We have votes coming up. Five of them are 5 minute votes, 
so I guess we are talking about a little over a half hour or 45 
minutes. So I would recognize the first witness, and then we 
will probably have to take a break, and we will resume as soon 
as the votes are completed. So, Mr. Holt, welcome to the 
Committee.

        STATEMENT OF JAMES S. HOLT, Ph.D., PRESIDENT AND
    PRINCIPAL, JAMES S. HOLT & CO., LLC; AGRICULTURAL LABOR 
                  ECONOMIST, WASHINGTON, D.C.

    Dr. Holt. Thank you, Mr. Chairman, for the invitation to 
provide testimony for this hearing on the labor needs of U.S. 
agriculture, and, yes, I am going to follow the word ``labor'' 
with ``crisis.''
    The U.S. agricultural industry is in the midst of a labor 
crisis, and let me cite just a few statistics to illustrate it. 
More than 55,000 U.S. farmers hire labor and pay an estimated 
payroll of $21 billion. The cost of hired labor accounts for $1 
of every $8 of farm production expenses on average and 
significantly more in the labor intensive fruit, vegetable, and 
horticultural sectors.
    The more than three million agricultural jobs each year are 
filled by an estimated 2.5 million hired farm workers. Seventy-
eight percent of the U.S. seasonal agricultural workforce are 
foreign born. The U.S. Department of Labor documents that at 
least 53 percent of U.S. seasonal agricultural workers are not 
legally entitled to work in the United States. The actual 
percentage is much higher.
    One of every six seasonal agricultural workers is new to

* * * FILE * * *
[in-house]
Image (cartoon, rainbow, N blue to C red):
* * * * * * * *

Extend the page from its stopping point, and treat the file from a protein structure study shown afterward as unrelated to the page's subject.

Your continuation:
the U.S. hired agricultural workforce each year, and an 
astonishing 99 percent of those workers report they are not 
legally entitled to work in the United States. Forty percent of 
the U.S. seasonal agricultural workforce are international 
migrants who reenter the country each year to perform 
agricultural work.
    This system is no longer tenable. The reason for the U.S. 
agricultural labor crisis is that for more than 2 decades, 
economic growth and job creation in the U.S. have outpaced the 
expansion of the U.S. labor force through natural birth and 
legal immigration. There are now literally millions more jobs 
in our economy than there are American workers, natural born or 
legally admitted, to fill them.
    Not surprisingly, the legal workers have gravitated to the 
more attractive, easier, more permanent, more skilled jobs 
close to their urban home and environment. Seasonal jobs, 
manual jobs, rural jobs have suffered. In no industry has the 
impact been greater than in agriculture, which is largely 
seasonal, manual, and rural.
    The proportion of seasonal agricultural workers who are 
illegal has grown steadily for the past 2 decades, in spite of 
the fact that wage rates in agriculture have grown more rapidly 
than in non-agricultural wages. The average hourly wage for 
U.S. field and livestock workers in the United States is now 
$9.44 an hour.
    No informed person seriously contends that wages, benefits, 
and working conditions in seasonal agricultural work can be 
raised sufficiently to attract workers away from their 
permanent, non-agricultural jobs, and the numbers needed to 
replace the illegal alien agricultural workforce and maintain 
the economic competitiveness of producers. U.S. growers are in